“The process concluded with an empowerment deal that the Group is proud of. I think it’s essential for South African companies to be structured correctly in terms of current requirements. If you look at the makeup of our employees, 94% of our employees are black, including managers and the board. We also pride ourselves on the fact that we offer as many opportunities as possible in terms of employment, especially when it comes to the employment of staff members’ family. We’ve been doing this for 60 years,” he says.

The company also takes its social responsibilities very seriously and is making a positive impact, based on the idea that transport plays a significant role in the growth and development of any country.

“In addition to its economic contribution, transport is critical to upward social mobility, broadening access to healthcare, education, employment, and it promotes social cohesion. Diversity within the transport industry is just as critical to sustainability and growth,” he says.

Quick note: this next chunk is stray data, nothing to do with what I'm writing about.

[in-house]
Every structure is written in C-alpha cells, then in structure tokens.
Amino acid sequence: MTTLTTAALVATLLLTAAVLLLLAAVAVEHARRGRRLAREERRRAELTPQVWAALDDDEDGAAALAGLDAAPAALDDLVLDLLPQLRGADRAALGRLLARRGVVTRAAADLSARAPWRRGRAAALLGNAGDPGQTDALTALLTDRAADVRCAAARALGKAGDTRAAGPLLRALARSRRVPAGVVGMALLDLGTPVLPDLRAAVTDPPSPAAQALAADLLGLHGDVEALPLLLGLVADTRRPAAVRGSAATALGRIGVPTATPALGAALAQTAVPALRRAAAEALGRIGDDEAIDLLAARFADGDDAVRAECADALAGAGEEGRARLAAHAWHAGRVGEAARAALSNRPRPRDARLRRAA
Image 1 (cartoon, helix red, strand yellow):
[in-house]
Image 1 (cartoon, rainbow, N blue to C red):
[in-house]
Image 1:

When it comes to the commuter bus service industry, a significant barrier to entry in the business is the perception that driving a bus is a male profession. This, more than any other factor, has worked to entrench a preference for male drivers and has discouraged female interest in the trade.

“The times are changing, and there are bus operators who recognise that diversity in the workplace must include women in traditionally male roles. We have pledged to ensure skills development and transformation, including the championing of female empowerment within the transport sector,” Pisapia explains.

Putco’s training academy and selection centre prioritise the selection and training of female drivers.